Cardinal Health, APhA announce winners of annual GenerationRx Awards
DUBLIN, Ohio — The Cardinal Health Foundation and the American Pharmacists Association recently recognized pharmacists for their efforts in prescription medication misuse prevention.
During the APhA 2015 Annual Meeting and Exposition in San Diego, the Cardinal Health Foundation and APhA awarded the fifth annual American Pharmacists Association – Academy of Student Pharmacists (APhA-ASP) GenerationRx Awards, which recognize use of the GenerationRx toolkit, a communications package including talking points, presentation materials and tips to enable users to raise awareness of prescription drug misuse in their communities.
The organizations also awarded the fourth annual APhA GenerationRx Award of Excellence, an award recognizing one pharmacist for his or her outstanding efforts in prescription medication misuse prevention.
The APhA-ASP GenerationRx award is part of a national competition among APhA-ASP chapters. This past year, student pharmacists from 82 chapters conducted more than 800 GenerationRx presentations and educated more than 134,000 children, teens, college students and adults. More than 12.7 million people were reached via public relations outreach.
The 2015 APhA-ASP GenerationRx national and regional awards were presented during the APhA-ASP Opening General Session. The chapters honored in this year's competition were:
- National Award: East Tennessee State University Bill Gatton College of Pharmacy
- National 1st Runner-Up Award: University of Florida College of Pharmacy
- National 2nd Runner-Up Award: The University of New Mexico College of Pharmacy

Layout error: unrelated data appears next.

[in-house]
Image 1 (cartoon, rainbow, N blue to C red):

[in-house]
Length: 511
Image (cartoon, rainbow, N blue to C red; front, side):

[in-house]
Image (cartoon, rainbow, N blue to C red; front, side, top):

- Region 1 Award: MCPHS University – Boston
- Region 2 Award: University of Pittsburgh School of Pharmacy
- Region 3 Award: The University of Tennessee Health Science Center College of Pharmacy
- Region 4 Award: Southern Illinois University Edwardsville School of Pharmacy
- Region 5 Award: Drake University College of Pharmacy and Health Sciences
- Region 6 Award: University of Arkansas for Medical Sciences College of Pharmacy
- Region 7 Award: Idaho State University College of Pharmacy
- Region 8 Award: University of California, San Diego Skaggs School of Pharmacy and Pharmaceutical Sciences
The 2015 recipient of the APhA GenerationRx Award of Excellence is Nathan Painter of La Jolla, California. Painter was selected in recognition of his commitment to community partnerships and interprofessional collaboration in providing substance misuse education. He is an Associate Clinical Professor at the University of California San Diego Skaggs School of Pharmacy and Pharmaceutical Sciences, where he manages a pharmacist-run clinic for patients with chronic diseases. Painter serves as the faculty advisor for UCSD's APhA – Academy of Student Pharmacists (APhA-ASP) GenerationRx activities and created a prescription drug misuse elective course. He is an active member of the San Diego County Prescription Drug Abuse Task Force and has collaborated on an interprofessional team to evaluate the state's Prescription Drug Monitoring Program.